Marriott International is facing class action-style lawsuit in London over 2018 data breach
A class action-style suit has been filed in the High Court of England and Wales against hotel group Marriott International over 2018 data breach that exposed personally identifiable details of more than 300 million people around the world.
The representative legal challenge has been filed by Martin SFP Bryant, a UK resident, on behalf of millions of hotel guests domiciled in England & Wales, whose private data was exposed in the breach.
“The action seeks compensation on behalf of millions of hotel guests who made reservations at hotel brands within the Starwood group,” Bryant said in a blog post.
Starwood group was acquired by Marriott International in 2016.
“This case states that the cyber attack was the result of a failure to take adequate steps to ensure the security of guests’ personal data, and to prevent unauthorised and unlawful processing of that data.”
According to Bryant, the lawsuit covers all former guests who stayed in a hotel belonging to any of the following brands before 10 September 2018:
- Sheraton Hotels & Resorts
- Element Hotels
- St. Regis
- W Hotels
- Westin Hotels & Resorts
- The Luxury Collection
- Aloft Hotels
- Le Méridien Hotel & Resorts
- Tribute Portfolio
- Design Hotels
- Four Points by Sheraton
Bryant is being represented by Hausfeld, an international law firm specialising in group actions.
Those eligible to participate in the litigation face no fees – nor do they face any financial risk from the lawsuit – which is being funded by Harbour Litigation Funding.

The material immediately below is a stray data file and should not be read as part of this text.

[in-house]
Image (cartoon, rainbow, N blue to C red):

Personal data of nearly seven million British guests was compromised in Marriott breach, the UK Information Commissioner’s Office (ICO) said last year, while proposing to fine Marriott 99.2 million pounds.
The regulatory process was later extended until 30th September 2020, after which the ICO will make its final decision.
Marriott disclosed the hack in November 2018, stating that an unidentified group of hackers accessed the names, addresses, passport numbers and contact details of customers from Starwood Hotels reservation system.
The breach likely started in July 2014 and continued until September 2018, according to the company, and impacted more than 300 million people.
And this was not the only data breach to impact the international hotel group.
In April, Marriott International disclosed another data breach, which started in mid-January and came to notice of Marriott’s IT security team only in late February. Personal details of up to 5.2 million guests were exposed in the incident, the company believed.
It said that the security incident involved an application that was used by its hotels to provide services to guests. The hackers obtained the login credentials of two employees at a franchise property, and then used the access to steal the personal information of up to 5.2 million guests from Marriott’s systems.
“As our lives become increasingly digital, our personal data will only become more important,” Bryant said.
“It’s time we all as a society valued it more. That’s what I hope this case will achieve.”